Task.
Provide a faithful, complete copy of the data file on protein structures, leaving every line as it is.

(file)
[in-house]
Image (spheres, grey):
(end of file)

[in-house]
Image (spheres, grey):